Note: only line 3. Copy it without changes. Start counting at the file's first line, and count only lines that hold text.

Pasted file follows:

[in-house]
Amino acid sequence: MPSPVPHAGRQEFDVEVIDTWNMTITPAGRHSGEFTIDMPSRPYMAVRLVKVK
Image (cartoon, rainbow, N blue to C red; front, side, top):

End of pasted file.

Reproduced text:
Image (cartoon, rainbow, N blue to C red; front, side, top):